Human Structures McGill: The New Kids on the Block

by Tara Allen Flanagan

La Balade pour la Paix: An Open-air Museum was a public exhibit that extended along Sherbrooke street and McGill’s campus as a part of the city’s various birthday celebrations. McGill’s front lawns were host to a colorful array of sculptures and public art installations this past summer, although most of the artworks have now returned to their permanent collections. Two works remain, having won the title of true survivor in a battle of wits and being too heavy to move without a crane.

Nestled between the constant construction and the Burnside building, Human Structures Vancouver is one of the two works left on campus for students and the public to enjoy. Those who wanted a more in-depth story of the works could attend free biweekly tours offered by the McGill Visual Arts Collection and the Montreal Museum of Fine Arts throughout the summer and fall, and for those who missed out an informational plaque is situated next to the sculpture. Full disclaimer: I was one of the tour guides who gave tours of these and other sculptures during the fall as an intern at the Visual Arts Collection. Unless, of course, you went on one of my tours and didn’t like it, in which case I gave no tours, that wasn’t me, you have the wrong girl, I have to go.

Disclaimer aside, my tour giving days left me with a head full of information but no one to speak at through a microphone about it. So now I’m going to write about one of them, instead.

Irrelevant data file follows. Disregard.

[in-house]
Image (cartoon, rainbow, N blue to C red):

Human Structures Vancouver is a massive installation piece by American sculptor Jonathan Borofsky and is comprised of sixty-four galvanized steel figures. Each of these figures is painted and bolted together to form a pyramid shape, with a few groups off to the side enjoying not being stepped on. If the name doesn’t ring a bell, this work was originally displayed in Vancouver. This sculpture is a part of a series of sculptures found in cities worldwide; all of the structures are made up of pixelated colorful humanoid figures.

This sculpture was created for the Vancouver Bienniale in 2016/2016 with the event’s theme of openness and crossroads as a focal point. Human Structures Vancouver was placed in Hinge Park, next to the Olympic Village, in order to celebrate the village’s revival as a thriving ecofriendly community. The pixelated figures evoke interconnectedness in the digital age, a welcome change from narratives of technology ruining modern relationships.

This sculpture is a bright and cheerful reminder of the possibilities of human interaction on a massive scale; one could also interpret it as two groups of four friends escaping from a pyramid scheme presentation. Either way, the sculpture brightens up the dreary grey snow and buildings of McGill in the springtime.

If you ever have a minute, walk between the figures and look up at the structure as you do so. It feels eerily calming and protective, as if you are a part of a community striving to create greater things. I find it can be hard to think of myself as something more than an insignificant student at McGill, who is just one out of thousands of students trudging in and out of the university year after year in search of a degree. Classes are stressful, and everyone seems like they have their life together except for me. Do my best efforts even come close to the last-minute work of others? When I leave this place, will I know more about myself than I do now, and will I be able to get a job in a field I like? Is the stress worth it?

I don’t know the answers to these questions, and neither do the pixelated figures towering above me. Standing between them and contemplating my existence isn’t going to solve my worries, but it’s fun and new and different and I feel a bit better about my life after doing it.

Using Format